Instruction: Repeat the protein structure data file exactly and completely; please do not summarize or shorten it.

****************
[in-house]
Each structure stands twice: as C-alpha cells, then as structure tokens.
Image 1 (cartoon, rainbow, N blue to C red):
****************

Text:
[in-house]
Each structure stands twice: as C-alpha cells, then as structure tokens.
Image 1 (cartoon, rainbow, N blue to C red):